According to several linguists, there is a certain kind of relationship between sense, Language, and a non-linguistic world of experiences, and the way we, humans, deal with them in our language. We use language to categories the objectives and items around us with the help of language. Language and the objects of the world are interrelated, they cannot be separated and thus our world is mostly determined by the language we speak.

The anthropologist, Bronisław Kasper Malinowski, stated that people name objects by picking up words from those parts of the language which are relevant to them while another scholar, Sapir, argued that the world is built upon the language habits of the group of people who speak it.

Sapir-Whorf hypothesis

Edward Sapir and Benjamin Lee Whorf suggested that we are unaware of the background characters of our language similarly as we are unaware of the presence of the air until it vanishes and a person begins to choke.

The linguistic relativity principle (also known as the Sapir-Whorf hypothesis[1]) is the idea that the varying cultural concepts and categories inherent in different languages affect the cognitive classification of the experienced world in such a way that speakers of different languages think and behave differently because of it.

This hypothesis—a position of linguistic relativity—argues that (to quote one of its authors) language ‘is not merely a reproducing instrument for voicing ideas, but is itself a shaper of ideas, the program and guide for the individual’s meaningful activity’. In short, language determines (or shapes) our perceptions of reality. Whorf further argues that there is no real division between English nouns and verbs and it makes no sense that why we use a noun for: Lightning, spark, wave, flame, storm, and so on.

There are languages like American Indian languages which have no distinction of verb and noun at all.

There is a house (English)
A home occurs (Translated)

Hopi has one word for insect, pilot, and plane while Eskimo has four different words for snow. Similarly, the language Arabic has a various number of words for one entity and that is a “camel”.

The Hopi time controversy

The Hopi time controversy is the academic debate about how the Hopi language grammaticalizes the concept of time, and about whether the differences between the ways the English and the Hopi language describes time are an example of linguistic relativity or not. In popular discourse, the debate is often framed as a question about whether the Hopi “have a concept of time”, despite it now being well established that they do.

The debate originated in the 1940s when American linguist Benjamin Lee Whorf argued that the Hopi conceptualized time differently from the Standard Average European speaker and that this difference correlated with grammatical differences between the languages.[1]

Whorf argued that Hopi has “no words, grammatical forms, construction or expressions that refer directly to what we call ‘time'”, and concluded that the Hopi had “no general notion or intuition of time as a smooth flowing continuum in which everything in the universe proceeds at an equal rate, out of a future, through the present, into a past”.[2]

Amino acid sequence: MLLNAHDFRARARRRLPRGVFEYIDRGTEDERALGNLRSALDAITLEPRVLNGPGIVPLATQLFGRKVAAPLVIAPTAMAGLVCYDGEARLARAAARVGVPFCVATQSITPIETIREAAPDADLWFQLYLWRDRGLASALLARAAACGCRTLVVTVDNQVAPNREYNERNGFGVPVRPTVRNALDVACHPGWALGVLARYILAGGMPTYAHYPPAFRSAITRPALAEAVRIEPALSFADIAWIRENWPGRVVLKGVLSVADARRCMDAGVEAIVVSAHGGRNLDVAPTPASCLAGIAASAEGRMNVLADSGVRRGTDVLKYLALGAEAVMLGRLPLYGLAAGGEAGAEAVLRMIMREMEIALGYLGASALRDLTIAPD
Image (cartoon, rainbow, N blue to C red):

Whorf used the Hopi concept of time as a primary example of his concept of linguistic relativity, which posits that the way in which individual languages encode information about the world, influences and correlates with the cultural world view of the speakers. Whorf’s relativist views fell out of favor in linguistics and anthropology in the 1960s, but Whorf’s statement lived on in the popular literature often in the form of an urban myth that “the Hopi have no concept of time”.

Palmer View

According to Frank Palmer, Whorf’s arguments do not stand on firm grounds because if a language shapes our thoughts it means that one would not have the same picture of the universe as the speaker of other languages. Similarly, we often find difficulty in translating a language into another but we never fail to translate though there are certain things that do not match.

Palmer also argues that much of Whorf’s arguments are invalid because he only claims from specific observable grammatical characteristics to a model of the universe. The model that he presents of the language of Hopi is based on a verbal system but if we analyze English more closely we can also state that English also has no concept of time.

If we study English in terms of Tense, we can find only two tenses only, present and past. The past tense does not determine past time because if we look at the following example, we can see that the past tense is also used for unreality.

Example: I went there yesterday
If I went tomorrow

It has also suggested by some linguists that English does not have a past tense at all rather it is a “remote” tense to indicate what is remote in time and in reality. Thus it is clear that grammatical structures of a language tells us little about our way of thinking about the world.

Although the Sapir-Whorf hypothesis provides useful information that the categories we employ do not simply exist in the world of experience. It is also not certainly true that languages determine our world but we can at least distinguish clearly between what is in the world and what is in the language.

author avatar
William Anderson (Schoolworkhelper Editorial Team)
William completed his Bachelor of Science and Master of Arts in 2013. He current serves as a lecturer, tutor and freelance writer. In his spare time, he enjoys reading, walking his dog and parasailing. Article last reviewed: 2022 | St. Rosemary Institution © 2010-2024 | Creative Commons 4.0

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